And who is Tim Murphy to question the wisdom of the people?
In a feisty press release, Blotzer noted that while she was compelled to run in the special election as an independent, this time around she'll "run as the Democrat that I am, representing the party of working families, job creation, and civil rights." She also notes that Theresa Kail-Smith, who won the special, "garnered just under half of the vote in an election notable for exceedingly low turnout."
Blotzer pledged to offer "specific plans for realistic improvement" in the district, and promised to conduct a "Listening Tour." I've fretted before that it may be a little late for such efforts, but Blotzer clearly has heard the "forgotten neighborhood" lament loud and clear: "Why is it that Pittsburgh's scarce development resources aren’t touching District 2?" her release asks. "[F]ar too many feel their particular neighborhoods have been ignored or forgotten."
In other campaign news, Patrick Dowd and Luke Ravenstahl are entering the debating-about-debates phase of the campaign, which by tradition follows close on the heels of the announcing-plans-to-announce phase and the actual announcement.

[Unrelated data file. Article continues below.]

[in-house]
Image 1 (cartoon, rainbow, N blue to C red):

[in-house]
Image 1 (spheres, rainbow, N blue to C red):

Dowd is playing this just right so far, asking for a series of nine debates -- one for each district, see -- and saying it's unacceptable that Ravenstahl "demands a near month-long gap (April 20th- May 19th) between the last proposed debate and the actual election ... Surely, if we instruct our staff to find mutually convenient slots of 90 minutes each week ... they will."
Give Dowd credit for not adding something like, "After all, there are no Steelers parades scheduled this spring, and I understand Snoop Dogg is busy recording."
Way to take the high road, councilor!